Nellie Mae, the nation's largest provider of student loans, recently released a study which found that college students are carrying fewer credit cards and using them less than in previous years.  The; study found that 76% of undergraduates carried credit cards in 2004, down from 83% at the time of their last survey in 2001.
College students carried an average of four credit cards last year.  Their; balances averaged $2,169, which was down from $2,327 in 2001 and $2,748 in 2000, but higher than the 1998 average of $1,879.
Eileen Alt Powell, AP Business Writer, reported that according to Marie O'Malley, Vice President at Nellie Mae, the positive news can be attributed to consumer efforts:
Back in 2000 and 2001, people were shocked at what was going on in the undergraduate community.  There; were calls for legislation, banning credit card vendors on campus...and a strong push for more financial education. We'd like to think some of that (education) is sinking in.
The Nellie Mae survey indicates that college students are now using credit more responsibly than in years past.
- More than half of the undergraduates surveyed carry credit card balances below $1,000.
- Charges for educational expenses were most often textbooks and general school supplies, while their non-educational charges involved food, clothing, cosmetics and gifts.
- Credit card balances were paid in full in each month by more than one in five students.
However, the study found that two thirds of the undergraduates only make minimum payments on some or all of their credit cards and 11% say that they can't even pay the minimum.  O;'Malley finds this statistic disturbing:
That 11%, that's a population we need to zero in on, to find out what's going on.  They;'re maybe not making their payments because they can't, and that's a problem.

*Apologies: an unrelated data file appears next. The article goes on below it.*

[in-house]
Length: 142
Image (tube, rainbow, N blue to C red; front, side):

As expected, credit card debt increased by grade level, according to the study.  Freshmen; and sophomores carried an average credit card debt of $1,580 while juniors carried $2,000 and seniors, $2,864.
Two thirds of the students worked while in college, although they also took on student loans.  Seniors; were expected to graduate with an average of $28,953 in debt - $26,089 of it in student loans and $2,864 on credit cards.  In; 2001, the average debt among seniors was $20,402 with $2,185 on credit cards.
This latest study found that over half of the students got their first credit card at age 18 but some waited until the age of 21. 26% were referred to a certain credit card company by their parents, 35% responded to a direct mail solicitation from a credit card company and 18% signed up at a card vendor's booth on campus.  Others; responded to a telephone solicitation or applied online.
There has been a nationwide push recently to improve financial literacy among students.  Catherine; Williams, a credit expert with Money Management International, expresses guarded optimism about this trend:
Perhaps there is a generation emerging from college that is building a foundation for longer-term savings.  But; let's see if these numbers hold in the future.